Most of the leaves we have been watching this fall have dropped to the ground. That clears the way to better see one of the trees hitting its prime.
In this week's "Nature Matters" David Hoole meets up with naturalist Larry Weber to get in on "Tamarack Time".
"It's almost as if they wait to tell the other trees have put on all their color and they say to the other trees 'You want to see a show? Well look at this!'"
Outdoor observer, nature writer, and retired educator Larry Weber enjoys the time of year he calls "Tamarack Time". Most of the other deciduous trees have dropped their showy leaves, now people get the chance to see how numerous the tamaracks are in our area forests.
Weber says the trees are a conifer but don't make the mistake of calling them an evergreen.
"It's an evergreen that's not ever green okay? Being a conifer it does have cones, here you go, here's a cone. It does have cones and the cones are this big, okay...oops (drops cone)."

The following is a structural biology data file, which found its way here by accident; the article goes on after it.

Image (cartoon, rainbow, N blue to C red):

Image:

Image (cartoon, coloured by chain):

He may drop cones but doesn't drop the ball when touting the Tamarack as one of our native trees.
"This is a native species; there is other tamarack that people do plant in their yards a European type but this is the native one and its out only conifer that will drop all of its needles at the same time. Now one of the confusing things about conifers is that they do drop needles but they just don't drop all of them except for the tamarack."
"The question is why do they drop their needles when other conifers don't. The answer is probably where they grow they grow in swampy areas where the soil is not that good and so it's just a lot more work for them to keep their needles. The other possibility is that with the clusters, the clusters could hold more snow, too much and therefore weigh down the tree, more than the other conifers."
"You never really realize how many there are until you get to take a look at the color this is just terrific! Everybody should get out and take a look at them this time. I always told my students that anyone who has a birthday at this time of year should have been named after a tamarack."
In Carlton County, I'm David Hoole for nature matters.
Larry Weber recently wrote a book about his nature observations called Webwood: seasons of life in the Northwoods, and is currently available at most book retailers.